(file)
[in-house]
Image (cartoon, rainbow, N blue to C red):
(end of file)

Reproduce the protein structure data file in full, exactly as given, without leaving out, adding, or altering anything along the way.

[in-house]
Image (cartoon, rainbow, N blue to C red):